Blog Post

Volunteer opportunities for seniors abound at Philadelphia organizations

Philadelphia has a host of organizations seeking volunteers. Here are three possibilities for you to consider.

Academy of Natural Sciences of Drexel University

The academy has many volunteering pos- sibilities. “In some positions you greet guests while in others you work behind the scenes,” says Maria Morales, the academy’s manager of volunteer services. She urges seniors looking to volunteer to consider all the choices with- in an organization. Veteran volunteer Chris Johnson suggests seniors get a head start on volunteering by sampling different venues before they retire. Johnson volunteered with Habitat for Humanity and other sites before deciding on the Academy of Natural Sciences of Drexel University, where he tends to the butterfly exhibit two days a week. “It makes for a smoother transition into the new stage of life,” he said.

To learn more about more about volunteering at the academy and to apply, call 215- 299-1029, email volunteers@ansp.org or go to ansp.org/get-involved/volunteer.

The Free Library of Philadelphia

The library also has a range of volunteer work, from wiping down surfaces after children’s programs to help avoid spreading germs to giving tours of the Parkway Central Library at 1901 Vine Street, according to Paul Walchak, acting director of the volunteer services program. “You could also do basic maintenance, use your computer skills, assist with cataloguing or help in the community gardens,” Walchak says. “We match your skills to the position.” Programs that involve direct contact with children require clearances, he notes. To see the many areas that welcome volunteers and fill out an application, go to or call 215-686-5340, email walchakp@freelibrary.org or go to libwww.freelibrary.org/programs/volunteer.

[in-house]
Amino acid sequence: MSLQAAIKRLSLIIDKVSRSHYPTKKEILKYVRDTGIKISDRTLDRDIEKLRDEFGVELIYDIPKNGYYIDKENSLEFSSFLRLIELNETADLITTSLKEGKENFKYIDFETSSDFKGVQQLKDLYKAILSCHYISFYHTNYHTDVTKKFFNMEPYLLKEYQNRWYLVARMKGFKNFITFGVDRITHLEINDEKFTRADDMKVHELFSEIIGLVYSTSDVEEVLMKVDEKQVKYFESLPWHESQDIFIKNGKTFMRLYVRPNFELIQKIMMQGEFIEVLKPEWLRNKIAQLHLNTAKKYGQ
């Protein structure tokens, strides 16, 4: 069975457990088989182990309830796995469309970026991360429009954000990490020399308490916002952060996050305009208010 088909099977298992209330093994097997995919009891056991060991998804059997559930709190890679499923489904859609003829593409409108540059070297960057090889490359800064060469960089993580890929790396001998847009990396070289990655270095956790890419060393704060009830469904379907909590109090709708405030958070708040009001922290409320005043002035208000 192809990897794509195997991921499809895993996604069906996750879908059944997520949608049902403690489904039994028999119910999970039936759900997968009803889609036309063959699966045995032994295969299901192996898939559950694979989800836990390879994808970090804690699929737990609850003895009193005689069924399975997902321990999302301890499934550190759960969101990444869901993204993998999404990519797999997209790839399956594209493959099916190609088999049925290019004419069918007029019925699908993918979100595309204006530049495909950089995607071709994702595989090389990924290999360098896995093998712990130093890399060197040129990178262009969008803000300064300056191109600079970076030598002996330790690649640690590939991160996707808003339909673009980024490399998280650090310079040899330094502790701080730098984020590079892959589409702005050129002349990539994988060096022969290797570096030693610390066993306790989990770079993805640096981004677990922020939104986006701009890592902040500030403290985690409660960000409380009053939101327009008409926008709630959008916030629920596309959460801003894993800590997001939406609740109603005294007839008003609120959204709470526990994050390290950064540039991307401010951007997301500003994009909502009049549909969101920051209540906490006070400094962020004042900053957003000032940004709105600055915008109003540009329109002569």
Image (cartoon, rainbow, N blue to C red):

Friends of the Wissahickon

If you’re a gardener or like the outdoors, think about giving time to Friends of the Wissahickon. “Many of our volunteers work on habitat restoration [in Wissahickon Valley Park], which could include removing invasive plants or planting native trees and shrubs,” says Shawn Green, director of volunteer services for Friends of the Wissahickon, a nonprofit that partners with Philadelphia Parks & Recreation to restore historical park structures, maintain hiking trails and monitor water quality. “We post our volunteer projects on our website a month in advance,” he says. For more information, email green@fow.org, call 215-247-0417, or go to fow.org/volunteering.

More options

Looking for more volunteer options? AARP’s Philadelphia chapter offers several op- portunities, which are searchable by ZIP code and keyword, at createthegood.org. The United Way of Greater Philadelphia and Southern New Jersey also offers volunteer opportunities throughout the region on its website at volunteer.unitedforimpact.org/need.